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Friday25 July 2014

V&A learns too late to pick an architect, not a design

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Kengo Kuma’s troubled Dundee scheme calls the whole competition process into question

Amanda Baillieu

Amanda Baillieu — editor in chief

Competitions are rarely a level playing field. But the one to choose an architect for a V&A outpost in Dundee has called the entire process into question.

From the moment Kengo Kuma was selected as the winner in 2010, alarm bells started ringing. And it was not simply that Kuma’s design demanded a man-made promontory so his building could hang seductively over the Tay.

One of the shortlisted teams did its own calculations and concluded that Kuma’s design was a third bigger than the brief had asked for and probably twice the budget, given the construction methods and diagonal slanting walls.

Last week, the V&A was forced to admit that it would be “irresponsible” to proceed with the original plan because of the risk to budget and timescale.

We’ve been here before, of course, with Snøhetta’s daring — but ultimately unrealisable — design for Margate.

But for every competition win that gets dropped, far more get built late, over budget and too often caught up in messy and expensive litigation as well.

We hope the V&A Dundee project won’t turn out to be one of those — but the signs are not good.

While it is unrealistic to expect the competition to be re-judged — although there is probably an EU rule somewhere that would allow this — the losing architects surely have a case to argue that they should have their costs recouped, since the competition rules have been so flagrantly broken?

But there’s a wider lesson too, which is that competitions that insist on picking a design rather than an architect rarely have a happy outcome.

Had the V&A and its partners selected an architect they felt they could work with, rather than a design that wowed the public, it’s unlikely they would be facing the current backlash and the very real fear that Kuma’s ethereal structure might never be built at all.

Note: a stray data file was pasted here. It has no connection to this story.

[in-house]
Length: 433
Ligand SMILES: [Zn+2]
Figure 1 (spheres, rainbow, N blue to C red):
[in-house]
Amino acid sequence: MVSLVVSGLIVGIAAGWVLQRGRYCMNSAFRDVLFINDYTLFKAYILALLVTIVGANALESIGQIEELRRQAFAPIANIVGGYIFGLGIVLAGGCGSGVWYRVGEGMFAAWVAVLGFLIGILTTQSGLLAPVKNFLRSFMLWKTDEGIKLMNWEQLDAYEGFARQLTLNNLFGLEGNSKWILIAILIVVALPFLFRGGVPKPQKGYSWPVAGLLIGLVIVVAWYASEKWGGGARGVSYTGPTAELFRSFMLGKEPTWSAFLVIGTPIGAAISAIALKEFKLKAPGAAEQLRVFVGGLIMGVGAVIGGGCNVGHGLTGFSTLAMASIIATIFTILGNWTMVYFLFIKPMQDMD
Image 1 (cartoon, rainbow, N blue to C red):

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Readers' comments (2)

  • Competitions generally are to pick an architect rather than a scheme, aren't they? Otherwise, trying to build out a design that was thrown together during a few all-nighters and too many coffees is a recipe for disaster.

    Design competitions should provide applicants with an opportunity to demonstrate their approach, not to present a design to be taken forward.

    Obviously any entry which completely disregards the parameters of the brief should be discarded.

    The problems with the projects mentioned above is not that they were procured through a competition per se, but that the competition process itself was deeply flawed.

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  • zecks_marquise

    Maybe we should all take a leaf out of the west coast debarcle and sue every competition that we don't win? It will certainly be more lucrative than actually designing anything

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